# # Relational Operations

So far we have seen how to create variables and apply arithmetic operations to variables. In programming logic is a very important concept. We want to be able to compare numbers and do something based on that comparison.

A logic statement usually returns as true or false.

True or False?

The earth is flat.

The above statement in logic is False.

C++ has `true`

and `false`

as part of the language. `false`

is defined as 0. So a variable that is equal to 0 in C++ will be equivalent to `false`

in a logic statement. `true`

is defined as NOT `false`

. Any number other than 0 would be interpreted as `true`

in a C++ logic statement.

## # Comparison Operators

We will start with a simple integer declaration

```
int var = 2;
```

The following are logic operators in C++:

Operator | Explanation | Example |
---|---|---|

`==` | equal to | `var == 3` returns `false` |

`!=` | not equal to | `var != 3` returns `true` |

`<` | less than | `var < 3` returns `true` |

`>` | greater than | `var > 3` returns `false` |

`>=` | greater than or equal | `var >= 2` returns `true` |

`<=` | less than or equal | `var <= 3` returns `true` |

## # If Statement

We want to be able to check a logic condition and then do something based on that comparison. An If condition simply checks if our logic statement is true and it executes some code that we write. And if the statement is false, it will execute a different part of our code.

```
if( LOGIC STATEMENT)
{
// code to run if the statement is true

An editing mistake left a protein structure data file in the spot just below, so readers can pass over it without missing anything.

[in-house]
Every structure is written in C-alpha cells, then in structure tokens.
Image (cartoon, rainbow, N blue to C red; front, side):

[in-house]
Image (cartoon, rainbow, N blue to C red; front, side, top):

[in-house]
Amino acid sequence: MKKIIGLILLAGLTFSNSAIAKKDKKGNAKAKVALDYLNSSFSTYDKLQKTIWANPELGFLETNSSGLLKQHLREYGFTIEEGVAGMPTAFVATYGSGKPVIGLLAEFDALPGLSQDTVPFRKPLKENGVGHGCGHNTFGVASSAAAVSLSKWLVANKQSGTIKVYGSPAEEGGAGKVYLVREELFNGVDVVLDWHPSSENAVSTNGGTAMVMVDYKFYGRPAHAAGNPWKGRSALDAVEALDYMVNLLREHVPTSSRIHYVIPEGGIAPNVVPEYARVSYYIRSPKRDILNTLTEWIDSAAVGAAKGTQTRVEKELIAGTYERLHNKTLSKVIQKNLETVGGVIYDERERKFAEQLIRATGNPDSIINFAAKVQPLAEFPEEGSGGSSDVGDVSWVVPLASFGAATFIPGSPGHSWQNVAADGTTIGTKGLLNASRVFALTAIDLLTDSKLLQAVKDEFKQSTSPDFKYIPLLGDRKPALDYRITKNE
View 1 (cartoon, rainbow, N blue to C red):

}
else
{
// code to run if the statement is false
}
```

The above shows how we can use an if condition in C++. Recall what we explored with the Modulo Operator. It can be used to check if a number is even or odd.

Exercise

The following example checks the modulo 2 of the integer variable `number`

and prints to the Serial if the number is even or odd.

Change the value of `number`

and rerun the program to observe the output.

NOTE

At the end of

`if( )`

we do not put a semicolon.In the program we used

`Serial.print`

instead of`Serial.println`

. The difference is that the`print`

will not print a newline at the end of the characters. This is useful for this case because we are printing the number and then the text on the same line. If we want to print a newline manually, we can write in our string`\n`

Try it out yourself. Modify the print line to the following:

`Serial.print("\ni\ns\ne\nv\ne\nn");`

## # If else

In some cases we want to check another condition if the first one returns false. For example, let's say we want to do different specific things if our number is positive, if our number is negative or if our number is equal to 0.

The same syntax of the If Statement would be used but we will have to add another condition between the `if`

and the `else`

.

```
if(LOGIC STATEMENT 1)
{
//if LOGIC STATEMENT 1 is true do this
}
else if(LOGIC STATEMENT 2)
{
//if LOGIC STATEMENT 1 is false and LOGIC STATEMENT 2 is true
//then do this
}
else
{
//if LOGIC STATEMENT 1 and LOGIC STATEMENT 2 is false
//then do this
}
```

Homework

The program below is missing a logic statement for the `if else`

condition to check if the number is negative.
Add the correct comparison for the program to compile and run correctly.

## # Logic Operators

We can also combine relational statements. For example, if we have two variables and we want to check if both of them are positive or if we want to check the opposite of a statement.

To combine relational statements we use `&&`

, `||`

and `!`

### # `&&`

Operator